China’s SAIC shows interest in GM float

Financial Times, August 26, 2010

By Patti Waldmeir and John Reed

Last week Hu Maoyuan, chairman of SAIC, raised speculation that China’s most powerful domestic carmaker might take a stake in General Motors upcoming initial public offering.

Mr Maoyuan said that SAIC “will watch GM’s IPO closely, and think carefully if we should purchase the shares or not”.

The notion that the “new GM” might attract prominent foreign shareholders such as SAIC should come as no surprise for a company that sold 72 per cent of its vehicles outside the US last year, and 39 per cent in emerging markets.

But, amid a bearish mood on world capital markets, where Chinese investors are among the biggest confirmed or rumoured bidders for assets lately, the remarks by SAIC’s boss drew notice.

If SAIC’s mild expression of interest proved indicative of bigger plans by Chinese or other foreign shareholders in the IPO, it would almost certainly spark political controversy in GM’s home market.

SAIC is GM’s main carmaking partner in China, where the Detroit carmaker now sells more vehicles than the US. The companies have two joint ventures making cars and mini commercial vehicles, and plan to join forces to sell small commercial vehicles in India as well.

Bill Russo, head of the Synergistics auto consultancy in Beijing and former head of Chrysler in China, says he “wouldn’t be surprised” if SAIC bought into the IPO – if they are allowed to by the US government, GM’s biggest shareholder.

“It becomes an emotional issue that somehow the identity of GM would be transformed from a North American-centred to an Asian-centred company”, if SAIC took a big share, he adds. “But that is happening anyway – the global centre of gravity of the auto industry is shifting to Asia”.

Another China-based industry insider, who asks not to be named, says that a large stake for SAIC is unlikely, though for political reasons: “I am absolutely certain they would love to have a share . . . but they do not want to upset the US about this.”

GM’s IPO will be one of the biggest and an important milestone for President Barack Obama’s administration in an election year in which Americans are bitterly divided over its handling of the financial crisis that pushed GM into bankruptcy last year.

The US Treasury is expected to sell its 60.8 per cent stake down to a minority when GM lists shares in New York and Toronto this year as Washington begins to exit the shareholding that earned GM the pejorative nickname “Government Motors”.

For now, few Americans are expressing concern about the possibility that Chinese or other foreign shareholders might now buy a big stake in their largest domestic carmaker.

Daniel Howes, a columnist for the Detroit News, speculated last week that the IPO might see “a not insignificant number of those shares fall into the hands of foreign investors seeking the credibility (and technology) that could come with a sizable share of a restructured and recapitalised GM”.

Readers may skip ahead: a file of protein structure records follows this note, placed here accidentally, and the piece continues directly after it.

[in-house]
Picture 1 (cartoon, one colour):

The notion of an emerging-market carmaker making a play for GM or a portion of its assets and technology is not out of the question.

Last year Russia’s Sberbank teamed up with Canadian supplier group Magna International in a bid to buy GM’s European Opel-Vauxhall business and leverage its technology to build cars at Russian automaker Gaz, owned by the tycoon Oleg Deripaska. GM’s board later decided not to sell the company’s European arm.

Separately, Mr Deripaska as recently as mid-2007 held just under 5 per cent of pre-bankruptcy GM, but later sold the stake.

GM and Gaz have long-running ties, and in the past held talks on developing a low-cost car for Russia. Basic Element, Mr Deripaska’s investment company, declined to comment on GM’s upcoming offer.

GM’s pre-bankruptcy shareholder base included many foreign shareholders, and it plans to court them again. Its advisers, led by JPMorgan and Morgan Stanley, plan an international leg of the road show for the IPO, which could raise about $12bn to $16bn.

Analysts and people close to the company say that the “new GM” has many provisions in place to ensure against an unwanted takeover from outside.

GM now operates under Delaware law. Its IPO prospectus includes many deterrents to sovereign wealth funds or strategic non-US investors that might want to assume control.

Under various provisions outlined in the offer prospectus, GM could “delay, defer, or prevent a tender offer or takeover attempt” by a stockholder – though the issue would be moot in the case of a friendly stake taken by a close ally like SAIC.

GM’s S-1 filing also includes various selling restrictions on GM shares outside the US. US law also requires a strategic investor who buys more than 5 per cent of a listed company to file a 13D form with the Securities and Exchange Commission.